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Recently, the question How often should one evaluate a plan for an academic career? has been closed without a single comment explaining why it should be closed, while there was already an upvoted answer.

I decided to reopen the question, because the next logical step is to delete the question, and I have no idea why it should be the case, and it's likely we're stuck with an "on hold/closed" question. As I already stated here, comments are very helpful to maintain the site, especially that we are still on beta, and that we don't exactly have hundreds of questions each day. Helping a new user understanding why his/her question is too broad or off-topic is important to help the community grow.

To be clear: I'm not saying that this question should necessarily be kept open or should be closed, but if you know why you're closing the question, then leaving a comment should not be that difficult, and if you don't know why you're closing the question, then perhaps you should not be voting to close in the first place.

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Expecting users to offer justification for why they're closing questions is part of the spirit, if not the letter, of the new "on hold" policy. I think questions need to have some constructive comments for improvement. Otherwise things can get out of hand.

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  • Fair enough, sounds like a good plan. – user7130 Jul 5 '13 at 23:43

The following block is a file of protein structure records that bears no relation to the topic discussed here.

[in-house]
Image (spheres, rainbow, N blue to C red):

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The close reasons provide explanation of why a voter is voting to close.

Nowhere on Stack Exchange do up-votes, down-votes, close-votes, re-open votes or delete votes require comments from non-mod voters.

And there's no reason why Academia.SE should be an exception.

The re-opening was an unfortunate mis-judgement: one that's reversible. The question still asks "How do you plan your career?" which is ludicrously broad for a Q&A site, as evidenced by the answers so far: do any of those look like an identifiably correct answer? No, they don't. A whole book might (but probably wouldn't) provide an identifiably correct answer.

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  • I do not agree with your assessment, just because something is not required of you doesn't mean that there's no reason to skip it. I mean there's no law that requires you to say "sorry" if you bump into someone on the street, but you still do (I hope). It's good manners, and in this particular case, it helps a new user get acclimated with the site. – posdef Jul 8 '13 at 10:06
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Personally, I think it is not only polite, but also potentially helpful for the member.

Sure, it does not have to be done, but look at it this way - put a question on hold, the member may not know the reason exactly why, even with the close reason dialogue, it does not hurt to comment some suggestions so that the member may edit and improve their question and things can get back on track.

The same especially applies to downvotes - a downvote without a comment explains nothing.

Just because the established members know the nuts-and-bolts of writing a question, does not mean a new member will automatically know these.

In any case, this is what I am going to be doing from now on.

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